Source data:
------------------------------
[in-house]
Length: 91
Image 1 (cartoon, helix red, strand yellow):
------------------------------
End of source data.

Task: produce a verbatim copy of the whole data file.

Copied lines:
[in-house]
Length: 91
Image 1 (cartoon, helix red, strand yellow):